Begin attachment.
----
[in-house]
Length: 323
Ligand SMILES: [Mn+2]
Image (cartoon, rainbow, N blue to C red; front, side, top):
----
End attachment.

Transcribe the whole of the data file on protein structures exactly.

[in-house]
Length: 323
Ligand SMILES: [Mn+2]
Image (cartoon, rainbow, N blue to C red; front, side, top):